Blur’s first album in 12 years opens with the faint sound of sirens in the distance on “Lonesome Street.” It’s white noise that returns later in the album, coupled with voiceovers, buzzing chatter and chiming bells. It all charges along right next to guitarist Graham Coxon’s signature guitar work – something that has been missing from the Blur equation even before the band’s last album, 2003’s Think Tank. If the sirens and discord don’t clue you into the underlying, thinly disguised sense of foreboding on The Magic Whip, the newly reunited Blur will make sure you recognize its deeply unsettled core over the course of the next 11 tracks.

As outside noise intrudes on Blur’s arrangements, it becomes quite plain that the English four-piece are on a mission to announce their uneasiness with the state of modern life. It’s no coincidence, then, that the band dubbed their 1993 sophomore effort, Modern Life Is Rubbish. That is the very centerfold of much of the band’s output to date. Frontman Damon Albarn has continually served up lyrical critiques on behalf of the working class, but with The Magic Whip, it’s more than “rubbish.” There’s a paranoid undercurrent driving the entire album.

On The Magic Whip, Albarn delivers arresting vignettes of city life: bustling, chaotic and disarrayed. And it’s all mirrored by the album’s nervy soundscapes, which once again seem to find a happy marriage between the electronic and African influences of Albarn’s solo output and his work with the Gorillaz and Coxon’s vital guitar. Like many creative partnerships, Albarn and Coxon’s has been strained, driving the band to its breaking point just prior to Think Tank when Coxon left the band after only contributing to one song on the 2003 LP.

But when their partnership works, it works so well -- and The Magic Whip is a triumphant testament.

“Lonesome Street” is all too aware of fleeting and fickle city dwellers (“This is a place to come to or, well, it was”); lead single, “Go Out” -- which may just be Blur’s most infectious tune since "Song 2” -- lives in “Lonesome Street”’s familiar, crowded haunts only to uncover their inherent loneliness; and “Pyongyang” asserts, “Soon there will be no lights,” as if predicting its own fate.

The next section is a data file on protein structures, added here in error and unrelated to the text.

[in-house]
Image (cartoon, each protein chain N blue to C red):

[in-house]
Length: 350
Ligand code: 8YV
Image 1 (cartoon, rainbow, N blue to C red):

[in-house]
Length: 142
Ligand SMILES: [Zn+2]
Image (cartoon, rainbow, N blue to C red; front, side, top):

“New World Towers” follows “Lonesome Street” with a dismal lament of rising 24-hour skyscrapers and never-dimming neon lights. It’s all set to a mournful piano and acoustic guitar refrain, as if calling attention to the fact that these images all repeat themselves with no end in sight.

“My Terracotta Heart,” however, takes a step back from The Magic Whip's outward-looking narratives. Here, “Lonesome Street”’s sirens return, but this time it’s not a warning of the overcrowding and hopelessness of city life. Instead, it focuses on the quartet’s internal dynamics -- specifically the once tumultuous relationship between Albarn and Coxon. “We were more like brothers / That was years ago,” Albarn sings, later fretting, “I don’t know if I’m losing you again.” Lyrically, it’s the album’s most poignant moment, carrying a sweet but heartbreaking grief.

While Blur cite a trip to Hong Kong as the creative groundwork and inspiration behind The Magic Whip -- along with “Pyongyang”’s titular North Korean capital and Sydney in the case of “There Are Too Many of Us” -- these could be the etchings of any sprawling urban landscape and the populations they attract. The imagery and sounds that fill The Magic Whip are often at odds with one another, clashing together with great intention. It creates a cacophony that is at times dissonant and at others drenched in genuine anguish.

As a result, The Magic Whip proves it isn’t the work of a disinterested band riding a wave of nostalgia-driven reunions. Instead, it signifies Coxon and Albarn reconciling past differences and making space for some of their best work yet.

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